Today, open source investigation is no longer purely the remit of state intelligence services but is used by private investigators, civil society organisations, investigative journalists and, more importantly, anyone with access to a computer and an internet connection. Instead of traveling the world to rifle through newspaper clippings, analysts can use geolocation techniques from the comfort of their own home. Regular people can help EUROPOL locate child abusers using only google maps and a picture, uncover the truth behind the killing of political dissidents like Jamal Khashoggi, or expose the war crimes of the US-led bombing of Raqqa, Syria. The enormous scale of open source information offers an opportunity for citizen journalists and amateur sleuths to question the narratives of the powerful and locate the truth in a sea of misinformation.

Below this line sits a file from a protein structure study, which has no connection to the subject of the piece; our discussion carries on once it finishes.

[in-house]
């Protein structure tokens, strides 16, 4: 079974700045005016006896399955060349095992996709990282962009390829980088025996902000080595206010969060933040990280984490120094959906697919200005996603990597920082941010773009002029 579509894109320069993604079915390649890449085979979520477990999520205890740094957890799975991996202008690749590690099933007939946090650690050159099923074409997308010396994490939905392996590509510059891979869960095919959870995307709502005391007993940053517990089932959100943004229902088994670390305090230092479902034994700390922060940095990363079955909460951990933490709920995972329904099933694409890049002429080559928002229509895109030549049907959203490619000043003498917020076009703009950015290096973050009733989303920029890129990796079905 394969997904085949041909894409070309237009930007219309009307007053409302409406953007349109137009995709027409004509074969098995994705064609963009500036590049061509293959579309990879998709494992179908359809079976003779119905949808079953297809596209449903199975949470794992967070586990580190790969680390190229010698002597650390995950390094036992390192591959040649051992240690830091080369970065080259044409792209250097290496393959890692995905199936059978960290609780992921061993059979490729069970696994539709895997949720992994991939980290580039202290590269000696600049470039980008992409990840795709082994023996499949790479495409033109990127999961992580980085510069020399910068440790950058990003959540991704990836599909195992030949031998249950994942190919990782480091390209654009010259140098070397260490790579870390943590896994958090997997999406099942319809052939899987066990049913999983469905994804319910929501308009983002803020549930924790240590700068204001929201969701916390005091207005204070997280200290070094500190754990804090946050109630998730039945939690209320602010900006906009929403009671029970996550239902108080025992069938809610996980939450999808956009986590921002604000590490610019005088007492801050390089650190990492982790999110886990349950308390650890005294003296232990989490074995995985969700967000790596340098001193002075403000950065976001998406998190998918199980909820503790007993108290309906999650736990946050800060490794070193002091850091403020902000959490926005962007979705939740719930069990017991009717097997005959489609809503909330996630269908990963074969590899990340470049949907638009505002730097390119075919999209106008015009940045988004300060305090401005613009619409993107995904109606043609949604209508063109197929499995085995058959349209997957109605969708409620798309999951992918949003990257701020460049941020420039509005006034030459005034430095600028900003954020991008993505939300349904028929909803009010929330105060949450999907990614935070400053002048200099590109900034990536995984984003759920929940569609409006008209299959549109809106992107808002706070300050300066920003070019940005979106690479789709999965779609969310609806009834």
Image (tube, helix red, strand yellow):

Attempts to undermine or question the narratives of powerful groups are now often met with claims of ‘fake news’, so open source investigators are keen to stress the importance of transparency. Analysts meticulously record the steps they take to reach their conclusions, inviting the doubtful or the curious to replicate their methodology. In their investigation of the 2018 Salisbury Novichok poisonings, the open source investigation organisation Bellingcat published the hundreds of steps they took to determine the perpetrators responsible for the attack. Beginning with just the initial passport photos of the suspects released by British police, they scanned through Aeroflot passenger manifests, school photos, and corporate residence listings to ultimately link the two alleged tourists back to the Russian state intelligence directorate, drawing the ire of the Russian foreign ministry itself. As open source analyst Nick Waters puts it, ‘Google Maps is a better spy than James Bond’.